Within the context of sport, vision can be defined as reactive (the eyes will tell the athlete what they see), or inhibitory (the athlete tells the eyes what to look for). Vision is also thought of as learned. The later point is a significant issue with regards to this article - while of course much of visual ability has a hereditary component, a great deal of research has shown that their exists a strong learning component to vision as well. In fact, vision training is not unlike strength training in many ways. While playing football will certainly increase your strength, adjunct and specific strength training will increase your strength even more and contribute to you becoming a better football player. Vision training can be looked at in the same way - specified visual skills can be improved through isolating and training them separately. This is especially rewarding when an athlete has reached a limiting developmental threshold - the point at which playing the sport will no longer lead to specified visual improvements.

Visual sport skills

  • Acuity - defined as the sharpness of a visual image. Static acuity refers to the ability to see while stationary (as in golf). Dynamic acuity refers to the ability to see while the athlete, or the perceived object, is moving. Tracking ability (i.e. 'locating' a fly ball) and reaction time (i.e. committing to swinging at a pitch) are both aided by good acuity.
  • Accommodation - defined as the ability to change focus rapidly from one point to another. This is crucial in 'quick' sports such as basketball, in which the athlete must be able to focus on the ball, teammates, opponents and the basket at the same time.
  • Central Field Awareness - defined as the ability see what is directly in front. This can also be likened to 'fixation' - a tennis player, for example, will shift focus from near to far within the central field and concurrently be able to fixate on the ball and subsequently, where they hit the ball.
  • Eye Tracking - defined as the ability to follow the path of the moving object. While tracking particularly fast objects (such as tennis serves and baseball pitches) the eye goes through an involuntary, jerky movement known as saccades.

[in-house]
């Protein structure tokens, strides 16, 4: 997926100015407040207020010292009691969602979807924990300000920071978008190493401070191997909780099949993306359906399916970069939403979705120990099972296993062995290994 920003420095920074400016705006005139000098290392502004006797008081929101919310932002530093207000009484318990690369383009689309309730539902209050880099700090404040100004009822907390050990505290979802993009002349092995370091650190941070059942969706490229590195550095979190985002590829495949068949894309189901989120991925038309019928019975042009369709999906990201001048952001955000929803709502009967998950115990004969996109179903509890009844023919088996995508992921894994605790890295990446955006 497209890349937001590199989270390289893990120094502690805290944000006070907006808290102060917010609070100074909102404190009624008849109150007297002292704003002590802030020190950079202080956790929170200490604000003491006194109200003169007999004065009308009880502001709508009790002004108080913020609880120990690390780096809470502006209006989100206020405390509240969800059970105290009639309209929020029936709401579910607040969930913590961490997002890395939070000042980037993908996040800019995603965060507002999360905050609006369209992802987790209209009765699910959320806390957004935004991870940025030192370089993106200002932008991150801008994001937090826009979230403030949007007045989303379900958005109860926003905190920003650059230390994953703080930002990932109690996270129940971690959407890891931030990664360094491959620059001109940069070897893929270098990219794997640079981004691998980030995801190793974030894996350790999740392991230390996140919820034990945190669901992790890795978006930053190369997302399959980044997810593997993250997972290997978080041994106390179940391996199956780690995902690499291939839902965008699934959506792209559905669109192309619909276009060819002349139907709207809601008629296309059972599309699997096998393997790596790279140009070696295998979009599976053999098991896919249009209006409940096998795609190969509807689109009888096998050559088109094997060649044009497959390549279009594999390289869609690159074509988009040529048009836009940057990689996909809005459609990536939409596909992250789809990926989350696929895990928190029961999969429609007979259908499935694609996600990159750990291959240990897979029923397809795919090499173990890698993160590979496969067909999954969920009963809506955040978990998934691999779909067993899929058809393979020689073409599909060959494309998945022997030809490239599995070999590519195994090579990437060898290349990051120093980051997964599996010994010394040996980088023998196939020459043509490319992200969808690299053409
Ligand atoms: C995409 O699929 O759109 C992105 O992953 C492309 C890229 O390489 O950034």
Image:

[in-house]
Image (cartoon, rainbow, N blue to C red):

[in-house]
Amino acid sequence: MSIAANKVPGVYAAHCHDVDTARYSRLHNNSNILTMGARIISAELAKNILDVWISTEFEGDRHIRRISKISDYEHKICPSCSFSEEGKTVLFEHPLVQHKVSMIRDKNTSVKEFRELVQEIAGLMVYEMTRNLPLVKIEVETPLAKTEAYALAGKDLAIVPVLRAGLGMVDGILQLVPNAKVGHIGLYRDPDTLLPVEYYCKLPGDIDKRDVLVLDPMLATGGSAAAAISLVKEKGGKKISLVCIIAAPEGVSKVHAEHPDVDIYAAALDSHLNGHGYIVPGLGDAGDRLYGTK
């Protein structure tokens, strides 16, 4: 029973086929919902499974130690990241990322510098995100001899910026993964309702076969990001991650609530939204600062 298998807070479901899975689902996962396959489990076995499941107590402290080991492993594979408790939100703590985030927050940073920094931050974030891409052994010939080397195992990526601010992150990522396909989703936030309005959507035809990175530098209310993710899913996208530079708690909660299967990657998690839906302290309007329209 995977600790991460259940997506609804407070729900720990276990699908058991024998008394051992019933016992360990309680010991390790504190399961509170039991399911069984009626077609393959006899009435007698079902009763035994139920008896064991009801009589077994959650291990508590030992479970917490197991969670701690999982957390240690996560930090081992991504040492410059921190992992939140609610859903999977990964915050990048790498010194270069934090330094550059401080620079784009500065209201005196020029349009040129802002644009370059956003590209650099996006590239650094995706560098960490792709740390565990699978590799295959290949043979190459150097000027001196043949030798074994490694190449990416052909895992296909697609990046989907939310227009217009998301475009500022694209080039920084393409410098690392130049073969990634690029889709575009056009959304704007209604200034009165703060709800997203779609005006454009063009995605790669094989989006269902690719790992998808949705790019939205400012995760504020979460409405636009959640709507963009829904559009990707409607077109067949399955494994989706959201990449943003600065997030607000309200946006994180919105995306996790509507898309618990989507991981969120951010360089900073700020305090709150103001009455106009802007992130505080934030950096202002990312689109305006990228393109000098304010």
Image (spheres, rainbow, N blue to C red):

• Eye-Hand-Foot Coordination - defined as the ability of the visual system to guide the motor system efficiently.

This represents only a partial list of visual sport skills.

An example of a training tool used to improve specified visual skill, would be to have a young athlete play catch with a beanbag under a strobe light. The increased visual noise produced by the strobe will cause the athlete to concentrate harder on catching the beanbag which will in turn improve the motor systems ability to respond to visual stimulus (i.e. eye-hand-foot coordination).

Vision training is an incredibly fascinating topic with definite positive results for the athletes who partake in it. Do not assume that your young athlete is receiving an optimal amount of vision training merely by playing there respective sports, either. Like any other adjunct training, vision training can improve countless qualities associated with the skills of various sports.


Article Reference

This article first appeared in:

  • GRASSO, B. (2005) Vision training and young athletes. Brian Mackenzie's Successful Coaching, (ISSN 1745-7513/ 19 / February), p. 4-5

Page Reference

If you quote information from this page in your work then the reference for this page is:

  • GRASSO, B. (2005) Vision training and young athletes [WWW] Available from: https://www.brianmac.co.uk/articles/scni19a3.htm [Accessed

About the Author

Brian Grasso is the President of Developing Athletics which is a company dedicated to educating coaches, parents and youth sporting officials throughout the world on the concepts of athletic development. Brian can be contacted through his website at www.DevelopingAthletics.com